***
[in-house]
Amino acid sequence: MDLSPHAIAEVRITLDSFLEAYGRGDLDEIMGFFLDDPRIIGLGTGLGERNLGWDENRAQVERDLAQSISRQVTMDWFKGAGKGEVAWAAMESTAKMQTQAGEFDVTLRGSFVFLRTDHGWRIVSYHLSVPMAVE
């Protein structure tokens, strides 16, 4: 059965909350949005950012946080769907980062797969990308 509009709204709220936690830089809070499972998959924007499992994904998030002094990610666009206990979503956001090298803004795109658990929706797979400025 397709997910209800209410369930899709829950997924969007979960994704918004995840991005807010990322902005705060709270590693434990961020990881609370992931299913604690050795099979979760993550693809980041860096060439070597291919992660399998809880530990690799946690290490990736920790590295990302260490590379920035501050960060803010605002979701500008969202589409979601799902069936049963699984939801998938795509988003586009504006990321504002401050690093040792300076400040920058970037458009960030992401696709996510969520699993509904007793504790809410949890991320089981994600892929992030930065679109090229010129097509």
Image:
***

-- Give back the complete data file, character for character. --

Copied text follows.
[in-house]
Amino acid sequence: MDLSPHAIAEVRITLDSFLEAYGRGDLDEIMGFFLDDPRIIGLGTGLGERNLGWDENRAQVERDLAQSISRQVTMDWFKGAGKGEVAWAAMESTAKMQTQAGEFDVTLRGSFVFLRTDHGWRIVSYHLSVPMAVE
């Protein structure tokens, strides 16, 4: 059965909350949005950012946080769907980062797969990308 509009709204709220936690830089809070499972998959924007499992994904998030002094990610666009206990979503956001090298803004795109658990929706797979400025 397709997910209800209410369930899709829950997924969007979960994704918004995840991005807010990322902005705060709270590693434990961020990881609370992931299913604690050795099979979760993550693809980041860096060439070597291919992660399998809880530990690799946690290490990736920790590295990302260490590379920035501050960060803010605002979701500008969202589409979601799902069936049963699984939801998938795509988003586009504006990321504002401050690093040792300076400040920058970037458009960030992401696709996510969520699993509904007793504790809410949890991320089981994600892929992030930065679109090229010129097509």
Image: